We made another batch of buttercrunch last night. This time it will go to family and friends. We know the recipe by heart by now and can tell when the caramel is almost ready - the color of pale butterscotch or the coat of our friend's new yellow lab - and when it looks like it might burn - the color of gold streaked with a menacing brown. We hung out in the kitchen and ate the scraps, begging each other: "Make me stop eating!"
I'm not sure if making buttercrunch is going to be one of my daughter's top holiday moments for 2007 and I'm not sure if I care. What matters is that we had the time together and for me, it's more important than anything she may give me in a box.
Andrea's Mind Blowing Buttercrunch
Here's to finding a moment with someone you love. The previously unpublished recipe for Andrea's Buttercrunch is my gift to you. She finally gave me permission to publish it.
You can double the recipe if you like but if you want to make more than that you shouldn't try to multiply the recipe by three or four - simply keep doubling the recipe.
1 cup unsalted butter
1 cup sugar
1 tablespoon light Karo syrup
2 tablespoons water
2 large (about 7 or 8 ounce) chocolate bars*
About 1 cup very finely chopped walnuts**
*You can use any type of chocolate you like. I've made it successfully with low-end grocery store milk chocolate and chocolate chips, and I've splurged and used really fabulous 60% cocoa chocolate. The choice is yours.
**You can use walnuts, almonds, pecans, pistachio, or any type of nut but it must be finely chopped to adhere properly to the chocolate.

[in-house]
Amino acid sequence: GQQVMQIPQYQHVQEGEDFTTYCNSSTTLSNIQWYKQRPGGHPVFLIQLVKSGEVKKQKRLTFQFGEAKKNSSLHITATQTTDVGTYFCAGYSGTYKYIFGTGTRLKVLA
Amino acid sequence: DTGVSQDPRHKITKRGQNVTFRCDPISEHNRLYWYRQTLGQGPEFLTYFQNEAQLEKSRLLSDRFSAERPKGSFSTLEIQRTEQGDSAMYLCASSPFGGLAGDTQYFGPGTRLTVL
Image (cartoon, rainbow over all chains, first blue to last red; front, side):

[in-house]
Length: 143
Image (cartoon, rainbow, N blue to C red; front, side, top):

Line a cookie sheet with a piece of well greased aluminum foil.
In a medium saucepan, heat the butter, sugar, Karo syrup and water over a low heat, stirring. The mixture will caramelize and is ready when it hits 290 degrees on a candy thermometer. Watch it carefully, particularly toward the end of the cooking process. It will take at least 15 minutes to reach 290 on low heat. The mixture can burn easily; reduce the heat to very low if it seems to be cooking too quickly or turning darker than pale golden brown.
When the candy hits 290 remove from the heat and carefully spread it out on the sheet of greased foil. Spread with a spatula to make it fairly thin. Let cool and harden. (If you are really impatient you can place the cookie sheet outside in the cold in a protected place so it will harden more quickly.)
While the buttercrunch is hardening melt the chocolate in a saucepan over very low heat, stirring until smooth.
If you choose to let the buttercrunch harden outside or in a very cold spot you must bring it back to room temperature before spreading with the chocolate. If the buttercrunch is too cold the chocolate won't adhere properly.
When the buttercrunch is hard to the touch (you shouldn't feel any soft spots), use a soft spatula and spread a thin layer of chocolate over the entire thing. Sprinkle with half the nuts, pressing down lightly so they adhere. Again, if you are the impatient type, you can let the chocolate harden in a cold spot. The chocolate should be fully dry-no wet spots to the touch. Carefully remove the foil with the candy from the cookie sheet; place the cookie sheet on top of the foil and candy. Gently flip the candy over onto the cookie sheet and peel away the foil. Spread the remaining chocolate on top of the other side of the buttercrunch. Sprinkle with the remaining nuts, pressing down lightly. Let the chocolate harden and set in a cool spot.
When the buttercrunch is dry and hard break it into small pieces. You can keep it in a cool, dry spot for up to two or three weeks.